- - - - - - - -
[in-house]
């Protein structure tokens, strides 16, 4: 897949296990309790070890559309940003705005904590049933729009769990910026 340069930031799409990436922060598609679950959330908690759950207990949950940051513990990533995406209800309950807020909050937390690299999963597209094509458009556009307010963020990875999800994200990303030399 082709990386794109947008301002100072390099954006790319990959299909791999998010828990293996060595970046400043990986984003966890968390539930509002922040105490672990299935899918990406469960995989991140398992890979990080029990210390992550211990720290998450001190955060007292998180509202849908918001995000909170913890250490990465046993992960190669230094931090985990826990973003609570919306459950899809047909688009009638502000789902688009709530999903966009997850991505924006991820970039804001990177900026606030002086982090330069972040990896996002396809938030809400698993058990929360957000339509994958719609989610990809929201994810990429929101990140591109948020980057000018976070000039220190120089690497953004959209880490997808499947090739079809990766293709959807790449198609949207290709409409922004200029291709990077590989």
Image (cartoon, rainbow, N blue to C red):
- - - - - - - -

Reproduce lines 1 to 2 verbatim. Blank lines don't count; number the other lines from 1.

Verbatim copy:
[in-house]
């Protein structure tokens, strides 16, 4: 897949296990309790070890559309940003705005904590049933729009769990910026 340069930031799409990436922060598609679950959330908690759950207990949950940051513990990533995406209800309950807020909050937390690299999963597209094509458009556009307010963020990875999800994200990303030399 082709990386794109947008301002100072390099954006790319990959299909791999998010828990293996060595970046400043990986984003966890968390539930509002922040105490672990299935899918990406469960995989991140398992890979990080029990210390992550211990720290998450001190955060007292998180509202849908918001995000909170913890250490990465046993992960190669230094931090985990826990973003609570919306459950899809047909688009009638502000789902688009709530999903966009997850991505924006991820970039804001990177900026606030002086982090330069972040990896996002396809938030809400698993058990929360957000339509994958719609989610990809929201994810990429929101990140591109948020980057000018976070000039220190120089690497953004959209880490997808499947090739079809990766293709959807790449198609949207290709409409922004200029291709990077590989």